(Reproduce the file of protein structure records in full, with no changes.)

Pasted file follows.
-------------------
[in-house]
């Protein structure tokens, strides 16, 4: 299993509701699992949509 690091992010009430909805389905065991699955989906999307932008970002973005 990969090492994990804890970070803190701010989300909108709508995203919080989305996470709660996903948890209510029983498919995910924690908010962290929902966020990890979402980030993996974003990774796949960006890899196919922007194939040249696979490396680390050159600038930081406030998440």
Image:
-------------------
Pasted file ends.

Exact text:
[in-house]
């Protein structure tokens, strides 16, 4: 299993509701699992949509 690091992010009430909805389905065991699955989906999307932008970002973005 990969090492994990804890970070803190701010989300909108709508995203919080989305996470709660996903948890209510029983498919995910924690908010962290929902966020990890979402980030993996974003990774796949960006890899196919922007194939040249696979490396680390050159600038930081406030998440």
Image: